Dinner with Oscar: Call Me by Your Name


I had a very visceral reaction to Call Me by Your Name and it wasn’t a good one.

The film is about a relationship between Elio [Timothée Chalamet] and Oliver [Armie Hammer] when Oliver stays with Elio’s family in Italy as a doctoral student and assistant to Elio’s professor father. It is well-written and the performances are fantastic. But I feel unqualified to assess this movie on its cinematic merits.

What I didn’t like about the movie was what a lot of people found uncomfortable about the movie: the age difference between Elio and Oliver. Elio is 17 and Oliver is 24. Granted, if we’re just counting years, that’s not that much. My own husband is 6 years old than me, so I might sound like a hypocrite. However, I did not begin my relationship with my husband when I was 17. 

I watched this movie over a week ago, and have been mulling it over since then. My reaction to this movie comes from two places, one was immediately apparent to me and one was not. The obvious perspective I have that made me dislike this movie is that I am a high school teacher. I have taught hundreds of students of Elio’s age and in my mind, teenagers are students and absolutely off-limits. Teenagers are still children. I spend every work day with 15-18-year olds and am more familiar with teenagers’ psyche than are most adults. If one of my students told me that they were having a relationship with someone in their mid-twenties, I would be very concerned. 

Which brings me to my next point, a thing I generally avoid thinking about and have trouble writing about. When I was 18, a year older than Elio, I had a relationship with someone much older than I. And that relationship was psychologically damaging to me, because of the power imbalance among other things. Watching Call Me by Your Name and having the reaction I did made me realize how predatory that relationship was. That’s obviously my own personal baggage; there are probably people with a similar experience who did not find it harmful. But my negative experience certainly colored the way I viewed the movie.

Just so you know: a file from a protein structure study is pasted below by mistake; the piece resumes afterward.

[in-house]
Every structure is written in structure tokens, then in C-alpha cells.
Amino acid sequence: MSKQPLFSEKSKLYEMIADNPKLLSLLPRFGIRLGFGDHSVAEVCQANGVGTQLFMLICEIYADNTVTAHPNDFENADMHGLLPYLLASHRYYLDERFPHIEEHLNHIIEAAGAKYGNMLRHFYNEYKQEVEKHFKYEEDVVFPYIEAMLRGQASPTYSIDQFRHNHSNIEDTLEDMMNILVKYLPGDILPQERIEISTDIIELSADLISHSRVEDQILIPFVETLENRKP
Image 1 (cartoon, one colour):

This is not a question of sexual harassment or assault. The relationship between Elio and Oliver was not lacking in consent. Elio certainly gave enthusiastic consent -- he was the one who actively pursued Oliver. But I just couldn’t see it as a portrayal of a beautiful relationship the way others are seeing it because to my mind, Oliver should have never let it happen. He should have been a responsible adult, realized that Elio is just a kid with raging hormones, and put a stop to the whole thing.

Maybe this all makes me sound like a prude, but I can’t help it. I found the movie upsetting. 

In addition to its nomination for Best Picture, Timothée Chalamet is nominated for Lead Actor, James Ivory is nominated for Adapted Screenplay, and “Mystery of Love” is nominated for Original Song.


What to make: Apricots are mentioned throughout the film, as Elio’s family grows them. There is also that scene with the peach. If you’ve seen it, you know what I’m talking about. So a peach and apricot pie would be suitable. Or, is it going too far to suggest peaches and cream?